No major closures have been announced, with all area hospitals, the airport and schools slated to remain open on Thursday and Friday, as of Wednesday afternoon. Ellis said decisions about schools and other government operations will be made once the situation becomes clearer.
Hurricane Ian state updates: Savannah, Augusta have potential flooding risks over next three days
Ellis and Savannah Mayor Van Johnson signed local emergency declarations Wednesday morning, freeing emergency management officials to request aid from the state and federal levels if necessary. Johnson said he spoke with both senators, Rev. Raphael Warnock and Jon Ossoff, D-GA, ready to offer aid should the need arise.
Georgia Gov. Brian Kemp also issued a statewide state of emergency, which allows the National Guard to be called without further authorization. Kemp will visit Chatham County on Thursday ahead of the storm’s arrival and speak to the media before noon.
Officials emphasized that the biggest thing residents should do is prepare: pack an emergency kit, secure outdoor furniture and waste bins and make sure cellphones are fully charged. The city’s helpline, 311, is also running 24 hours a day during the storm to offer support for residents.
“Be prepared,” Mayor Johnson said during the press conference. “... and if you know an area floods, let’s avoid those areas in advance.”
Hurricane Ian impact scenarios for Savannah
The National Weather Service expects Hurricane Ian to make landfall on the Georgia and South Carolina coast on Friday, with the worst conditions remaining along the coast.
A Tropical Storm Warning and Storm Surge Watch are in effect for Coastal Bryan, Coastal Chatham, Coastal Jasper, Coastal Liberty, Inland Chatham, Inland Jasper, Inland Liberty and Effingham.
According to observations from Enki Research's Chuck Watson, a Savannah-based hazards researcher and hurricane expert, the hurricane is going to slow down and linger, meaning conditions are expected to deteriorate during the day on Thursday into Friday morning.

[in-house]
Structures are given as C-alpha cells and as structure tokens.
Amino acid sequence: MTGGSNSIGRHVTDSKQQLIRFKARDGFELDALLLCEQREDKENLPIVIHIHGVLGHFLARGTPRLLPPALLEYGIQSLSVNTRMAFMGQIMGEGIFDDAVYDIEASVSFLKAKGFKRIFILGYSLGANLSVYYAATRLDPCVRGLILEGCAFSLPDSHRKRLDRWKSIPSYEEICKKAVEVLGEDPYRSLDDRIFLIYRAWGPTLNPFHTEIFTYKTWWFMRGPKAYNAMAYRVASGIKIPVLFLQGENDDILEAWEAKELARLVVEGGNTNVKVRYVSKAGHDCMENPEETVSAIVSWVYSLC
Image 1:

The worst of the impacts will likely be Friday afternoon around 2 p.m. into Saturday morning with rain squalls and gusty winds in the 30 mph range. However, Watson said while people should use caution and "common sense," Hurricane Ian shouldn't be particularly dangerous for Savannah.
Hurricane Tracker:Where is Ian headed?
"For the Savannah area for this storm on this trajectory, it's certainly going to be an inconvenience. It may be hazardous in a few places, but not especially dangerous," Watson said. "You may get big limbs down and if there's a weak tree someplace, it could conceivably fall in the wind gusts but that's kind of what we're expecting here."
Retired meteorologist Pat Prokop noted that Savannah will start seeing the effects of the storm by Wednesday with "breezy" weather conditions with the worst of the storm seen Thursday night into Friday and a potential of three to five inches of rain, maybe in some instances up to seven inches.
"I expect to see some widespread 50 miles per hour winds in our area that will produce a lot of tree damage," Prokop said. "And of course, what comes with that is power outages, so I expect a lot of power outages to go along with this system."
If Savannah gets onshore winds, which are winds blowing from the water to land, Prokop said the evening tides could reach two feet higher than expected leading to flooding.